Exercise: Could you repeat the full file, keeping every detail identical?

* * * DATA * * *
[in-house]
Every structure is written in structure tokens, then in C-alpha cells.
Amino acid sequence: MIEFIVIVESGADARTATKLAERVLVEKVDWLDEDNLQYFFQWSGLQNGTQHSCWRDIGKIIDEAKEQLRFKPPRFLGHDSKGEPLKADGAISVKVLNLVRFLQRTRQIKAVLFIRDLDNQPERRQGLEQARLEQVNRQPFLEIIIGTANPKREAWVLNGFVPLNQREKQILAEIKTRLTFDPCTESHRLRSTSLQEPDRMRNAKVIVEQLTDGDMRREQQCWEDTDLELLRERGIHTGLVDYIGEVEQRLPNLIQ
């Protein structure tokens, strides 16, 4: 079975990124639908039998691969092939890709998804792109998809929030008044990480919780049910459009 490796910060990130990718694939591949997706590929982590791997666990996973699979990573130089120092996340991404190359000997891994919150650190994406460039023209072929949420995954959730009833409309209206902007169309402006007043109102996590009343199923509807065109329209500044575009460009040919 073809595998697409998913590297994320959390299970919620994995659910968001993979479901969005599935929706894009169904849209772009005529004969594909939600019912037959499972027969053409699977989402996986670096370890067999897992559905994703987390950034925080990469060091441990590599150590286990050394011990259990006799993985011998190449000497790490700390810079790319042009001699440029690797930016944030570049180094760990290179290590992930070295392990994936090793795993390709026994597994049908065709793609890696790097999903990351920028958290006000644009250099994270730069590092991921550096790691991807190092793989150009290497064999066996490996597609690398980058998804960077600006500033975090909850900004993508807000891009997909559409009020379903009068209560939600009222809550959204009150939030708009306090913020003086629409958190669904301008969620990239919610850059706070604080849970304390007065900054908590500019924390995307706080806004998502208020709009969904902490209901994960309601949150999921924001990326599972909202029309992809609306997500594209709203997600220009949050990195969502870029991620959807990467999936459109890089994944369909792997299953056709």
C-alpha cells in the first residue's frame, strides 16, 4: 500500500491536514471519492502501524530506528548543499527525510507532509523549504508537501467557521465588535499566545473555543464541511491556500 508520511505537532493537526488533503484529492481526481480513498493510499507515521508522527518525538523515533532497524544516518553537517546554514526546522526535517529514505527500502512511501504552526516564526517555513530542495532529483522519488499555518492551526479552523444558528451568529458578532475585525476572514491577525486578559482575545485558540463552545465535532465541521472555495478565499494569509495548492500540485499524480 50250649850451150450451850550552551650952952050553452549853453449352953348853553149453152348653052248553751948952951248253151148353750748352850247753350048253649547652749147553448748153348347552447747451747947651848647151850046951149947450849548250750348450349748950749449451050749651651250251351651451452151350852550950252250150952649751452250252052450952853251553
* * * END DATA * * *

[in-house]
Every structure is written in structure tokens, then in C-alpha cells.
Amino acid sequence: MIEFIVIVESGADARTATKLAERVLVEKVDWLDEDNLQYFFQWSGLQNGTQHSCWRDIGKIIDEAKEQLRFKPPRFLGHDSKGEPLKADGAISVKVLNLVRFLQRTRQIKAVLFIRDLDNQPERRQGLEQARLEQVNRQPFLEIIIGTANPKREAWVLNGFVPLNQREKQILAEIKTRLTFDPCTESHRLRSTSLQEPDRMRNAKVIVEQLTDGDMRREQQCWEDTDLELLRERGIHTGLVDYIGEVEQRLPNLIQ
């Protein structure tokens, strides 16, 4: 079975990124639908039998691969092939890709998804792109998809929030008044990480919780049910459009 490796910060990130990718694939591949997706590929982590791997666990996973699979990573130089120092996340991404190359000997891994919150650190994406460039023209072929949420995954959730009833409309209206902007169309402006007043109102996590009343199923509807065109329209500044575009460009040919 073809595998697409998913590297994320959390299970919620994995659910968001993979479901969005599935929706894009169904849209772009005529004969594909939600019912037959499972027969053409699977989402996986670096370890067999897992559905994703987390950034925080990469060091441990590599150590286990050394011990259990006799993985011998190449000497790490700390810079790319042009001699440029690797930016944030570049180094760990290179290590992930070295392990994936090793795993390709026994597994049908065709793609890696790097999903990351920028958290006000644009250099994270730069590092991921550096790691991807190092793989150009290497064999066996490996597609690398980058998804960077600006500033975090909850900004993508807000891009997909559409009020379903009068209560939600009222809550959204009150939030708009306090913020003086629409958190669904301008969620990239919610850059706070604080849970304390007065900054908590500019924390995307706080806004998502208020709009969904902490209901994960309601949150999921924001990326599972909202029309992809609306997500594209709203997600220009949050990195969502870029991620959807990467999936459109890089994944369909792997299953056709």
C-alpha cells in the first residue's frame, strides 16, 4: 500500500491536514471519492502501524530506528548543499527525510507532509523549504508537501467557521465588535499566545473555543464541511491556500 508520511505537532493537526488533503484529492481526481480513498493510499507515521508522527518525538523515533532497524544516518553537517546554514526546522526535517529514505527500502512511501504552526516564526517555513530542495532529483522519488499555518492551526479552523444558528451568529458578532475585525476572514491577525486578559482575545485558540463552545465535532465541521472555495478565499494569509495548492500540485499524480 50250649850451150450451850550552551650952952050553452549853453449352953348853553149453152348653052248553751948952951248253151148353750748352850247753350048253649547652749147553448748153348347552447747451747947651848647151850046951149947450849548250750348450349748950749449451050749651651250251351651451452151350852550950252250150952649751452250252052450952853251553